A slightly shorter final day allows us time to more thoroughly explore the medieval streets of Sarlat, but first we have the climb of Rocamadour to conquer. It is well worth the climb, as the village sits dramatically perched on the cliff side of an abrupt canyon wall, a truly outstanding and audacious location for a village. Since medieval times Rocmadour has been a key site for pilgrims drawn by the apparent healing powers of Rocmadour’s Black Madonna. If you are still feeling energetic, you can climb up the 223 steps to visit her (though perhaps not on your knees as the pilgrims would!).

We complete our journey alongside the Dordogne river, through the Route de Noix, a reference to the many Walnut trees and pause for our final picnic. We return to Sarlat via the picturesque and peaceful cycle path.

Day 8
Departure: Sarlat / Bergerac
Non Riding Day
  • Meals: Breakfast

After a leisurely breakfast we will transfer Bergerac for onwards journeys.

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The Cycling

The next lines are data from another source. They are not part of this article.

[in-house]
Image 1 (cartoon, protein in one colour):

France is the spiritual home of road cycling, and as such you’ll find a warm and friendly welcome from the locals. During your cycling in the Haute Dordogne you’ll see all types of terrain that will include quiet country lanes, undulating riverside roads and challenging climbs such as Puy Mary / Pas de Peyrol.

Our route has been created with great care so as to balance the climbing and terrain with the daily mileages, to form a flowing journey through this beautiful region of France. Road surfaces in France are generally good although some of the more minor roads may include uneven sections, occasional potholes and gravel patches.


Road Cycling Grade

Grade 2 - 3: Gentle to Moderate

Average distances around 70-90 km with occasional challenging climbs

A moderately difficult tour somewhere slightly tougher than a Grade 2, but not as difficult as Grade 3

Some long days and significant climbs

Our grading guidelines have been carefully created based on our many years of cycling experience, as well as customer feedback from our trips. Of course, if you're still struggling to figure out where you fit on the scale, do feel free to give us a quick call and we'll be more than happy to help!